The New Zealand dollar was little changed through the Christmas holiday period as investors continued to rally behind the greenback on the expectation of rising US interest rates.
The kiwi traded at US68.85 cents as at 8am on Wednesday in Wellington, from US68.79c on Tuesday, and US68.77c on Friday in New York. The trade-weighted index edged down to 76.98 from 77.09 last week.
The US dollar index has remained near 14-year highs, with investors optimistic US president-elect Donald Trump's infrastructure spending and tax plans will reinvigorate the world's biggest economy, and encourage the Federal Reserve to raise interest rates more aggressively. Stocks on Wall Street gained, with the tech-heavy Nasdaq Composite Index reaching a new record.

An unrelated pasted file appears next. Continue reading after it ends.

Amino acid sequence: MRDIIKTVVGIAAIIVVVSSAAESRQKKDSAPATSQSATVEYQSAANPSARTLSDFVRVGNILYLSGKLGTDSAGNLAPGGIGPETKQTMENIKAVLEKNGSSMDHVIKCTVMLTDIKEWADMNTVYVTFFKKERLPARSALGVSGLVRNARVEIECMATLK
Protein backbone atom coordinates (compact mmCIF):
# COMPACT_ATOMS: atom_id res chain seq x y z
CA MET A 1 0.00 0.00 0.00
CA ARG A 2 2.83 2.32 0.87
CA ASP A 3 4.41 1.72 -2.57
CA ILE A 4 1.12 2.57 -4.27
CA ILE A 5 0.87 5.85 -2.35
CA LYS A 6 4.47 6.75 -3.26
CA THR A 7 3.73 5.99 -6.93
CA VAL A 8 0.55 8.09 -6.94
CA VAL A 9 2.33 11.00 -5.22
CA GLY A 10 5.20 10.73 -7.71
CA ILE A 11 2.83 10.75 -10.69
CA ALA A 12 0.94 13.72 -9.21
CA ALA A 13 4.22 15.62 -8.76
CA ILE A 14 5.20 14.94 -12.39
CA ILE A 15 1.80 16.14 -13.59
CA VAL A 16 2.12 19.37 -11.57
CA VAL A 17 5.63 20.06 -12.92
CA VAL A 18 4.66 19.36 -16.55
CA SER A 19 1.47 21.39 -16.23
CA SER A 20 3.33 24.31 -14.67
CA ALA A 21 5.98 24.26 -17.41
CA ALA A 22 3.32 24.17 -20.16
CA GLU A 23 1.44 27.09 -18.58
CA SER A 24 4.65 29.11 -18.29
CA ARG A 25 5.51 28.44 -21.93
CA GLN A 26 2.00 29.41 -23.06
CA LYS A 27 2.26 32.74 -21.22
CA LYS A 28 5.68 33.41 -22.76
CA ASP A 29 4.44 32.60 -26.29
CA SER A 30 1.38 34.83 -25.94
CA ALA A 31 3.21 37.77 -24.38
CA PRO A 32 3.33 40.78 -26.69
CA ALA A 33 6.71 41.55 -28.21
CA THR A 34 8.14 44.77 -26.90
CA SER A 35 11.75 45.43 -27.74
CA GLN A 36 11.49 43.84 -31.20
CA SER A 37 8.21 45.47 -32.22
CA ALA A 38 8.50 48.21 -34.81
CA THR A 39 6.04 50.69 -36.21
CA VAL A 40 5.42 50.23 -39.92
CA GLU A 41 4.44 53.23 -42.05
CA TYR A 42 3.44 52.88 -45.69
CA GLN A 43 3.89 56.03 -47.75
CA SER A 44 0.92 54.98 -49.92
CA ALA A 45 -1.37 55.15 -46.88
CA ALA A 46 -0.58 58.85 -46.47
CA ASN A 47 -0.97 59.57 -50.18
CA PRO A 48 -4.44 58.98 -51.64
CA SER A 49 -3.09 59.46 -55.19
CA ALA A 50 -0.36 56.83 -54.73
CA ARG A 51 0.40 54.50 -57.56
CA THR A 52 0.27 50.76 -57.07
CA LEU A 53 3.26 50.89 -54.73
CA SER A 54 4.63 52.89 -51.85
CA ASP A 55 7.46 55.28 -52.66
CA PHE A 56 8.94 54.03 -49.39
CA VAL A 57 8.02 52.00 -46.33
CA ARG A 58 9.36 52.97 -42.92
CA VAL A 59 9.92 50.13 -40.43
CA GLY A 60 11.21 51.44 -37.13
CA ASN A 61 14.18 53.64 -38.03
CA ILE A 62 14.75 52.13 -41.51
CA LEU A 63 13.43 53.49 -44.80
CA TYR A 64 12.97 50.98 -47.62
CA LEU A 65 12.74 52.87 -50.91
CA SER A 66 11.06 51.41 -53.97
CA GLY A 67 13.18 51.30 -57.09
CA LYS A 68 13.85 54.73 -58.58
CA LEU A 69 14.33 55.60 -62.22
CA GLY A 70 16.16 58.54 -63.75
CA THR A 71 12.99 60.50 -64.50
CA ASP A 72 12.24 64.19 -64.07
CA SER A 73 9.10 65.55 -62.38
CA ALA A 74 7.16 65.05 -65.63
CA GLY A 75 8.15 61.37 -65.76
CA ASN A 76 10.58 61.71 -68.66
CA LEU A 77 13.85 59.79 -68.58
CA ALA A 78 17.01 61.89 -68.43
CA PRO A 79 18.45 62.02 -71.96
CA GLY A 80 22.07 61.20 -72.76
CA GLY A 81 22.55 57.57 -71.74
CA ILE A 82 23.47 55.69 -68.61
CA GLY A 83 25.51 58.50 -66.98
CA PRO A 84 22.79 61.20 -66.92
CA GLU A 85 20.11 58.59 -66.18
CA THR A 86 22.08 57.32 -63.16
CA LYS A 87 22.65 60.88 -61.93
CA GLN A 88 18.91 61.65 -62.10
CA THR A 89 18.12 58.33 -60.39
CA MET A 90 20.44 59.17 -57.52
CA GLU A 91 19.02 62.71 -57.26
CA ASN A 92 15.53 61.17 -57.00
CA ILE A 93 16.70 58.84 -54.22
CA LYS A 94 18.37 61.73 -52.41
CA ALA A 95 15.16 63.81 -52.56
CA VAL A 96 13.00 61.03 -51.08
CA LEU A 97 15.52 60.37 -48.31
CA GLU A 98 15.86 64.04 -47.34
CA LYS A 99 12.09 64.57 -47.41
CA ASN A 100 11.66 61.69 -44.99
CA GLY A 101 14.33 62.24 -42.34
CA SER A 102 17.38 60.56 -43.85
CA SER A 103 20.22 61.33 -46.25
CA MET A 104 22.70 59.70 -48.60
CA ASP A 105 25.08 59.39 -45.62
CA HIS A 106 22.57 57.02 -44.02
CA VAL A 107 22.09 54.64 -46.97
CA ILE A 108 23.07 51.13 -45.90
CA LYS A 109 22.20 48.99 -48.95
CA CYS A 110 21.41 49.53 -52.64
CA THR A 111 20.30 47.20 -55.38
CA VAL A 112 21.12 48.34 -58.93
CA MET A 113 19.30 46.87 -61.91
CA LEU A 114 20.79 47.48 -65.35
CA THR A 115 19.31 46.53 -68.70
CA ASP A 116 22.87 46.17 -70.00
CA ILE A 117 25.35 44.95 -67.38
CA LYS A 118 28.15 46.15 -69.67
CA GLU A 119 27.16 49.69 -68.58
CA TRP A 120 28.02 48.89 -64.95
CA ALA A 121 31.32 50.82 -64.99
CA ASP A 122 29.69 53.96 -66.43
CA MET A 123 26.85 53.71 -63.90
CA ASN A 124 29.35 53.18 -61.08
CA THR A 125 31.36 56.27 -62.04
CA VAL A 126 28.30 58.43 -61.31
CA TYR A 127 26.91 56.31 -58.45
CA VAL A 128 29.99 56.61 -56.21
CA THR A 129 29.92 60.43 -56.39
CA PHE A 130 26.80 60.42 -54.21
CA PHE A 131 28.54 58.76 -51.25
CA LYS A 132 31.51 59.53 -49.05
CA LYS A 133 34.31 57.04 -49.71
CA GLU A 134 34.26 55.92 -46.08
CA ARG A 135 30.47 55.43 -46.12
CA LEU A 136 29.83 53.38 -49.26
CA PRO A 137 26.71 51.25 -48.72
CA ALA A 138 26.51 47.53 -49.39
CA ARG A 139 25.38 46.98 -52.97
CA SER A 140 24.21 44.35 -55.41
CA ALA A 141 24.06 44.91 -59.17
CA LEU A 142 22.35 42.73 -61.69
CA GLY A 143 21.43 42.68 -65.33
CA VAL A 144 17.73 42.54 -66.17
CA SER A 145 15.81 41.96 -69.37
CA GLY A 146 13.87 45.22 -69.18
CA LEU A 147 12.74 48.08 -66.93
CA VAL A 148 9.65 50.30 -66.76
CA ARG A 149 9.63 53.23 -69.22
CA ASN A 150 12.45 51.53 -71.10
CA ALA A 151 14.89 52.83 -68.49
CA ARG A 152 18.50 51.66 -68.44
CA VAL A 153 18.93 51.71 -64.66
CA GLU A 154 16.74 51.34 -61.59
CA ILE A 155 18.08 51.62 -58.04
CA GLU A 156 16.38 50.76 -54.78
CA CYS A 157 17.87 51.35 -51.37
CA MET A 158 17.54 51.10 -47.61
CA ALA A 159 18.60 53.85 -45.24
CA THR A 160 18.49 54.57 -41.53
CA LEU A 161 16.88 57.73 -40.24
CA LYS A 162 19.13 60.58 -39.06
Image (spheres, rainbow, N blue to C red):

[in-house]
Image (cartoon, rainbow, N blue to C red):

"On a technical basis, everything is moving sideways," said OMF senior foreign exchange dealer Martin Rudings.
"The trend still remains intact and we're looking at a strong US dollar, so the kiwi should succumb to that."
The kiwi traded at 4.7852 Chinese yuan from 4.7767 yuan on Tuesday after China's state-owned media agency Xinhua reported the world's second-biggest economy will meet its growth target of 6.5-to-7 percent this year and will target a rate of 6.5 percent in 2017.
That lower target for 2017 could weigh on Australia more than New Zealand, with both nations relying on China as their largest trading partner, Mr Rudings said.
"New Zealand is in a slightly better place than Australia, and I can see the kiwi/Aussie cross rallying up towards 98 cents," he said.
On Wednesday morning, the kiwi was little changed at 95.81 Australian cents from A95.85c on Tuesday.
It traded at 65.85 euro cents from 65.91c, was little changed at 56.09 British pence from 56.07p and traded at 80.88 yen up from 80.76 yen.
New Zealand's two-year swap rate slipped one basis point to 2.48 percent from the Friday close, while 10-year swaps were down one basis point to 3.55 percent.